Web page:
6. The Eclipse IDE is worth its weight in gold, personally I never used any of the MIDP/J2ME plug-ins for it. We stuck with a build chain based in Ant and used the Antenna extensions. Eclipse supports Ant natively and makes a complicated build chain easy to manage. Ant was primarily used to create build tasks for specifics to cope with device fragmentation, localisation and inclusion of specific assets. The other software used included MediaWiki for an internal documentation system and Subversion for asset and source control. Eclipse has some great plug-ins for Subversion.
7. Emulators are complete rubbish for the most part, they are useful for testing non-handset specific code such as game mechanics but there is no substitute for on device testing. On device debugging is even worse, in most cases you are limited to waiting for the device to fall over and hoping you know what went wrong! Error messages are non-existent. The exception to this is Sony Ericsson who support on device debugging, absolutely light-years ahead of anyone else. Back to the emulators and printf debugging for all the others! Bigger headaches include memory management (yes, in Java!) and sound playback. The use of a pre-processor such as the one packaged with Antenna allows device specific work-arounds.
8. Back to device fragmentation, the devil! There is plenty of help out there either in pre-bought solutions such as J2ME Polish or by creating your own build solution. J2ME Polish holds a nice device database and other sites also contain information on device specific issues. The best place to start is the manufacturers Knowledge Base but for the most part these are obtuse and the information you most want is often buried. Other fragmentation issues include localisation (to eastern as well as western languages) and asset management. Mobile phones have an eclectic mix of screen dimensions to cater for and you can often get a better deal with a publisher or distributor by including some adverts. You don't want to be doing this by hand!
9. Sign up on J2ME.org it has a wealth of talented amateurs and professionals.
10. Have fun. I did, working in a small team at a start-up is unlike anything else.
I'll be back up in Dundee for new years though, probably head to a couple of bars with friends then back to my house. I seem to be getting old as clubs just aren't appealing anymore, either that or I'm just jaded from the slight overdose of them I had whilst at Uni. Anyway a few drinks in a bar are much more fun than listening to pounding music with a load of moronically drunk people.
Other than that I'm trying to come up with ideas for projects to do in my own time. Currently I'm thinking away from games programming and towards doing a little writing. I write a little better than I do in this journal, at least I think I can! :o
I explained my reasons and apparently I'm the first person the HR girl ever had decline! Weird, she also said I'm the only person that listed on of the reasons for declining as 'walking to work'. But to me it makes financial sense not having to buy a car, run a car, insure a car etc. etc. That probably doesn't make a lot of sense to the Americans hereabouts, unless they live in a city centre. I literally have all the amenities I need within 20 minutes walk, the flight back to Bristol is a two hour train/bus ride and a 40 minute flight. If I book early enough that would cost me about 1/3 of a one-way trip by car!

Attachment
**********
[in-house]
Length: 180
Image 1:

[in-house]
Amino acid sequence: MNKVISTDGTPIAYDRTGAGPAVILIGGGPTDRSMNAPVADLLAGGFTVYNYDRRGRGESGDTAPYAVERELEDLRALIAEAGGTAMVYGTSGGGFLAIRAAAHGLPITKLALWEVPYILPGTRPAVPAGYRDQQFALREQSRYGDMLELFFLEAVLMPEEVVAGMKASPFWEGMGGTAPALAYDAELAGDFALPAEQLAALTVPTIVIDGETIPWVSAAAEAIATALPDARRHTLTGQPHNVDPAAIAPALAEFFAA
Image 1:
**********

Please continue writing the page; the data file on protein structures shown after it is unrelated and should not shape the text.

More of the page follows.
So that takes the edge off the stress anyway. Although it will be interesting moving from a company of five people making mobile games to a company of 130 working on next-gen console and PC titles. :D
On another note I've been spending my days re-reading Effective C++ and through the Game Programming Gems series'. All good stuff.
Caveman Arts went under at the end of October. It was rather sad, especially as the owners Mike and Ev had worked so hard on it for quite a while. So for the past few months I've been job hunting.
Five months experience isn't enough to get me over the 'Graduate' hump but crucially it is five months my friends have been working in industry. The old adage of "it's not what you know but who you know" still applies to the Games Industry and so relatively quickly I lined up three prospective employers, Realtime Worlds, based in Dundee, where I live. EA, firstly in Guildford at the Criterion studios and then a second interview at their Chertsey HQ. Blade Interactive, who are based in Manchester and I probably won't see.
In my experience interviews are pretty fun, although massively draining afterwards. EA in particular are bad, my first interview, including a programming test took four hours on top of the three hour drive there and a four hour drive home (really thick fog on the way back). The second actually took longer as it started earlier, so I left through rush hour traffic and went home through the same! Although the interview portion only lasted about three hours that time.
Will update a bit more frequently as things progress.
I've finally got a flat sorted out and paid the deposit and rest of the rent for this month so that's one major life stress sorted out. I'll be sharing with two other games programmers, Ben and Martin, (from Realtime Worlds and 4J Studios respectively and one of the artists, Lee, I work with at Caveman. It's a brand new, really well decorated townhouse so it makes an awesome change to some of the nastier places I lived in as a student. We move in next week so it will be a relief to get off of Bob's floor!